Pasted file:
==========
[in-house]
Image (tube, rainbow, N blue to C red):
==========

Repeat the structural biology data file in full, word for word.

[in-house]
Image (tube, rainbow, N blue to C red):